Generational Thinking

by | Aug 1, 2017 | On a Personal Note

Guest Written by Dr. Mark Gotcher, Russellville School District Superintendent
Silent Generation, Baby Boomers, Generation X, Millennials… these are names given to the last set of generational groups in modern history. Depending on what researcher you’re reading, the last millennial graduated from high school in 2017. So who is in our classrooms today? Who are these bright, young, eager minds, that have never known a day without the internet, a smartphone, or 9/11? I’ll introduce them to you later.
When I began teaching in the late 80s I had little to no awareness of how my students thought, how they best learned, or how to adjust my teaching style to their learning (or thinking) styles. When I became an assistant principal in 2001, I discovered that some teachers struggled to connect with students while others seemed to connect with a natural ease. As a superintendent, I began to explore and research generational differences and how generational understanding impacts the way one thinks about parenting, business and marketing, management of people, and learning in the classroom.
I have grown to understand that each generation sees things uniquely. This is largely due to their collective experiences having lived through a particular time period in their formative years. The challenge for many of us is taking time to understand a particular generation and how they think and process information. When we do, what we learn can be valuable as we parent, supervise in the workplace, lead in an organization, or teach in the classroom.
Millennials, by most accounts, were born in 1980. There are more Millennials teaching our students today than Gen Xers. Currently, Millennials are the largest population in earth’s history, with 30 percent struggling to support themselves and 40 percent unemployed, but 79 percent hold college degrees. Surprisingly, 51 percent still live at home and one in eight take their parent to a job interview (I had to read that again as well). However, 80 million are in today’s workforce. They are the first generation that doesn’t need a leader/teacher to get information. Actually, millennials have learned that they move in and out of being a source or a consumer of information. They have never viewed the teacher or professor in the classroom as the primary source of expert information but simply one source of many they can access. How does this understanding of the way “they learn” impact the way “they teach” our new generation of students?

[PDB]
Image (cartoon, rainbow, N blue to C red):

Now let me introduce you to the Homelanders (or Generation Z). This generation, by most accounts, was born in 2000. Homelanders became the name of this generation from an online survey by Forbes Magazines. The name emerged from 9/11 attacks, Homeland Security, War on Terror, and a sense that homeland was no longer safe. Therefore, this group was kept more at home than in previous generations. Not surprising, the parents of Homelanders are more protective than in previous generations. We are also viewing this generation as the most ethnically and racially diverse generation. Unlike their millennial predecessors, there appears to be a turn towards a traditional mindset and a push towards academic achievement. One of the most striking statistics about the future of this generation is that there were approximately 50,000 centenarians (people 100 years old or older) in 2000; the year that Homelanders were born. According to the U.S. Census Bureau predictions, there could be 5.32 million centenarians by the year 2100. This is a remarkable potential increase in people living to 100 years old. Imagine the impact this generation will have on health care, the job market, and retirement as we know it.
Yet, how do we connect with this generation in the classroom? Fundamentally, this generation connects with a social approach to learning. A social learning approach shifts the teacher from a “keeper of the knowledge” to a “facilitator of the learning.” This can be demonstrated in a number of ways: peer brainstorming, peer assessment, peer evaluations, peer questioning, etc. All of these examples allow for students to take a major role in their learning while the teacher guides and directs them in this process. I believe that effective teachers are still the most important factor contributing to student achievement.
Finally, it will take the whole community to understand any generation entering our classrooms or the workplace. We all must be open to finding ways to connect with them for their success and the success of our community. John Maxwell, leadership author, states “everyone communicates, few connect.” As an educational leader in this River Valley, I choose to connect.

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